"Our data suggest that the recent and ongoing eruptions of Mt. Sinabung are part of the Toba system's recovery process from the super eruption," he said.
The discovery of the connection does not suggest that the Toba Caldera is in danger of erupting on a catastrophic scale any time soon, the researchers emphasized. "This is probably 'business as usual' for a recovering super volcano," de Silva said. It does emphasize the importance of having more sophisticated and frequent monitoring of the site to measure the uplift of the ground and image the magma system, the researchers note.
"The hazards from a super volcano don't stop after the initial eruption," de Silva said. "They change to more local and regional hazards from eruptions, earthquakes, landslides and tsunamis that may continue regularly for several tens of thousands of years.
"Toba remains alive and active today."
As large as the Toba eruption was, the reservoir of magma below the caldera is much, much greater, the researchers say. Studies at other calderas around Earth, such as Yellowstone, have estimated that there is between 10 and 50 times as much magma than is erupted during a super eruption.
Materials provided by Oregon State University. Note: Content may be edited for style and length.
Adonara E. Mucek, Martin Danišík, Shanaka L. de Silva, Axel K. Schmitt, Indyo Pratomo, Matthew A. Coble. Post-super eruption recovery at Toba Caldera. Nature Communications, 2017; 8: 15248 DOI: 10.1038/ncomms15248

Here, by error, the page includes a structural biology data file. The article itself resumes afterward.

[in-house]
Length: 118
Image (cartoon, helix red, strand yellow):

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Oregon State University. "Aftermath of super eruption shows Toba magma system's great size." ScienceDaily. ScienceDaily, 16 May 2017. https://www.sciencedaily.com/releases/2017/05/170516143417.htm
1. This is within the time that Toba blew itself apart, causing tremendous damage to the Indonesian area but also to the rest of the world when the ash began circling the globe. When food supplies dwindled it would have been time to move on or set down and die, why not then build your rafts and hope for the best.
2. This article speaks of the destruction the Toba eruption caused. It is reasonable to presume that the people that had reached the area years, perhaps millennia before was devastated by this super eruption. The only possible chance of survival was to try and reach Australia. They probably knew of the presents of land there by the occasional smoke observed from huge fires, such as still occur today.